Social science research has been concerned with various aspects of residential segregation and why aggregate patterns of segregation emerge and become established in urban areas. This thesis aims at gaining a deeper understanding of which mechanisms influence patterns of residential segregation by examining people’s mobility behavior. People’s residential mobility behavior is a crucial factor for understanding outcomes of segregation on the aggregate level. By both including individual and neighborhood characteristics in the analysis, more insight is gained in how ethnic and socioeconomic compositions of neighborhoods affect individuals’ mobility decisions. Swedish register data from 1990-2006 is used to estimate neighborhood choice models for the greater Stockholm area. The results show that individuals are likely to choose neighborhoods in which the population is similar to themselves, regarding both migrant background and income. The analyses also find some limited support for mechanisms of native-flight and avoidance when looking at Swedes’ mobility behavior. Nevertheless, economic resources seem to be of more relative importance for Swedes' and immigrants' neighborhood choice than the percentage of migrant groups living in a neighborhood.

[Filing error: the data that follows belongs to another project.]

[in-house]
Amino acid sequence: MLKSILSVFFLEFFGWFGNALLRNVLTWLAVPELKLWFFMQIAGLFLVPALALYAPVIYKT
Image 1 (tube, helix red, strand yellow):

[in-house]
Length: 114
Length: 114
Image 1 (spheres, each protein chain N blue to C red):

|Publisher||Stockholms universitet, Sociologiska institutionen|
|Source Sets||DiVA Archive at Upsalla University|
|Type||Student thesis, info:eu-repo/semantics/bachelorThesis, text|
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